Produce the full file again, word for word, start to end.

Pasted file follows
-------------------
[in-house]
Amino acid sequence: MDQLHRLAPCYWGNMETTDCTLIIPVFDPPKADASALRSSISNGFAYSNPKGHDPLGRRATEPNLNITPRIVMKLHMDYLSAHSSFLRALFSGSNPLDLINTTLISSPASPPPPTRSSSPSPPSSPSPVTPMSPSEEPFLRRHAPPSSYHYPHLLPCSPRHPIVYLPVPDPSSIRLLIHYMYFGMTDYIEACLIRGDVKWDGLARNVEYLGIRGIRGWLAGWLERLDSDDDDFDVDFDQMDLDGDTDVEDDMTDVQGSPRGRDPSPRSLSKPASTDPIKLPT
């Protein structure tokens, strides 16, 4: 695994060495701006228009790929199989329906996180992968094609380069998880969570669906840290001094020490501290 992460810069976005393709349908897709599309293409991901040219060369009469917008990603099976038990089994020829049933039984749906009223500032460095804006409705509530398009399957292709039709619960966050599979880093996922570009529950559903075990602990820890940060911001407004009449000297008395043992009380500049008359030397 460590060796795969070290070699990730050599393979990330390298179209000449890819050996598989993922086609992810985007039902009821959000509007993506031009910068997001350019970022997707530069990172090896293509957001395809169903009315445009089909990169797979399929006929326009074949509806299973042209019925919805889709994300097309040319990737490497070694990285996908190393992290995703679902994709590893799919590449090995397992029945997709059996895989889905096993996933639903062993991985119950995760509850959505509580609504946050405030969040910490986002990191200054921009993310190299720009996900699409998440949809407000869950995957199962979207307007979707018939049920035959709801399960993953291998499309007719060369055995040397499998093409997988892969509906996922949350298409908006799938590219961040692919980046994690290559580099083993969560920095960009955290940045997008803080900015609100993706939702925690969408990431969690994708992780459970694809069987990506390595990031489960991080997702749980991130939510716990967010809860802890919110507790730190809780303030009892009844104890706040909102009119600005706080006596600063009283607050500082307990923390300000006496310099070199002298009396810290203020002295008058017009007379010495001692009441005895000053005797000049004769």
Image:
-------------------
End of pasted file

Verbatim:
[in-house]
Amino acid sequence: MDQLHRLAPCYWGNMETTDCTLIIPVFDPPKADASALRSSISNGFAYSNPKGHDPLGRRATEPNLNITPRIVMKLHMDYLSAHSSFLRALFSGSNPLDLINTTLISSPASPPPPTRSSSPSPPSSPSPVTPMSPSEEPFLRRHAPPSSYHYPHLLPCSPRHPIVYLPVPDPSSIRLLIHYMYFGMTDYIEACLIRGDVKWDGLARNVEYLGIRGIRGWLAGWLERLDSDDDDFDVDFDQMDLDGDTDVEDDMTDVQGSPRGRDPSPRSLSKPASTDPIKLPT
């Protein structure tokens, strides 16, 4: 695994060495701006228009790929199989329906996180992968094609380069998880969570669906840290001094020490501290 992460810069976005393709349908897709599309293409991901040219060369009469917008990603099976038990089994020829049933039984749906009223500032460095804006409705509530398009399957292709039709619960966050599979880093996922570009529950559903075990602990820890940060911001407004009449000297008395043992009380500049008359030397 460590060796795969070290070699990730050599393979990330390298179209000449890819050996598989993922086609992810985007039902009821959000509007993506031009910068997001350019970022997707530069990172090896293509957001395809169903009315445009089909990169797979399929006929326009074949509806299973042209019925919805889709994300097309040319990737490497070694990285996908190393992290995703679902994709590893799919590449090995397992029945997709059996895989889905096993996933639903062993991985119950995760509850959505509580609504946050405030969040910490986002990191200054921009993310190299720009996900699409998440949809407000869950995957199962979207307007979707018939049920035959709801399960993953291998499309007719060369055995040397499998093409997988892969509906996922949350298409908006799938590219961040692919980046994690290559580099083993969560920095960009955290940045997008803080900015609100993706939702925690969408990431969690994708992780459970694809069987990506390595990031489960991080997702749980991130939510716990967010809860802890919110507790730190809780303030009892009844104890706040909102009119600005706080006596600063009283607050500082307990923390300000006496310099070199002298009396810290203020002295008058017009007379010495001692009441005895000053005797000049004769």
Image: